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(3rd LD) S. Korea lights up Christmas tree on border with N. Korea amid tension

All Headlines 18:07 December 21, 2010

(ATTN: UPDATES in paras 1-6 with light-up ceremony held; CHANGES headline, dateline)

SEOUL/GIMPO, Dec. 21 (Yonhap) -- South Korea lit up a giant Christmas tree on top of a border hill near North Korea Tuesday amid concern that Pyongyang might attempt to strike down the glowing structure that it denounces as psychological warfare against the isolated nation.

The lighting ceremony came amid heightened military tensions between the two Koreas and a day after the South carried out a live-fire artillery exercise from a border island devastated by North Korea in a deadly artillery shelling that killed four people.

About 100,000 colorful light bulbs were lit on the tree-shaped, 30-meter-high steel tower at Aegibong peak, which is 165 meters above sea level, on the western border with North Korea in a ceremony organized by the Seoul-based Full Gospel Church and attended by about 400 people.

It had been an annual ritual for South Korea to light up the Aegibong Christmas tree before it was suspended in 2003 under a reconciliation agreement with the North to end border propaganda activity.

The luminous structure served as a symbol of the prosperous South in contrast to the destitute North, which Pyongyang was apparently concerned would weaken the regime's ideological control of the hunger-stricken people.

The Aegibong peak is just across a border river that separates the two Koreas. A glowing Christmas tree at the peak can be seen with naked eyes from as far as the major North Korean border city of Kaesong, officials said.

South Korea has recently decided to resume the lighting ritual following a series of North Korean provocations, such as the March sinking of a South Korean warship, which killed 46 sailors, and last month's deadly shelling of the South's Yeonpyeong Island that left two marines and two civilians dead.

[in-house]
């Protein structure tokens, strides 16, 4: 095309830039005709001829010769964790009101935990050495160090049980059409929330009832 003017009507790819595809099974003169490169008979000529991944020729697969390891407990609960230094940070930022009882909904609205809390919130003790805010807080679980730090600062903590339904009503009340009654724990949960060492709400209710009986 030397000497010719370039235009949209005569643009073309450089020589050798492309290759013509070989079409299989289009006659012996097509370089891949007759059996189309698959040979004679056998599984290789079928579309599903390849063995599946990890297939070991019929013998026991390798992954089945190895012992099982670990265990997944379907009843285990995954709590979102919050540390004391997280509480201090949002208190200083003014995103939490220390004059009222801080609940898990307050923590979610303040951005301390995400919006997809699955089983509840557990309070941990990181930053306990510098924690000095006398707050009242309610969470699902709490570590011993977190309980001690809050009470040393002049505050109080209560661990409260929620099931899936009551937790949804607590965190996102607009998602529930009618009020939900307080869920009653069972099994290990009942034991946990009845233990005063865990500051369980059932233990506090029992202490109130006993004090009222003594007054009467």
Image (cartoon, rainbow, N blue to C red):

Since March's ship sinking, South Korea has said it would resume propaganda warfare against the North. The communist nation has reacted angrily to the move, saying it would strike loudspeakers and all border propaganda facilities.

Officials are concerned that the Aegibong structure could become a target, though the North did not react to Monday's live-fire artillery drill from Yeonpyeong Island despite its earlier threat to strike back at the South if the exercise goes ahead.

On Monday, the North's main Rodong Sinmun newspaper warned the South against resuming propaganda activity, saying it could serve as the starting point of a full-scale war.

South Korea's military has been on alert for a possible North Korean attack on the Aegibong tower, and Defense Minister Kim Kwan-jin warned the North against provocations.

"There is always a possibility" of North Korean provocations, Kim told lawmakers. "We will hand a daring punishment so as to remove the source of artillery fire" if the North attempts to strike the Christmas tree, he said.

In a report to parliament, the defense ministry said the military has strengthened preparedness at the Aegibong peak. "Marines are maintaining a readiness to respond at any time in case of enemy provocations and ensure the safety of those attending the lighting ceremony," it said.

An official at the South's Joint Chiefs of Staff told reporters that the military is maintaining the highest level of alertness on border islands, the Aegibong peak and other front-line areas.

"On the eve of the lighting, more troops from a border North Korean military unit came out for patrol than usual," a military official said on condition of anonymity. "We're also strengthening preparedness."


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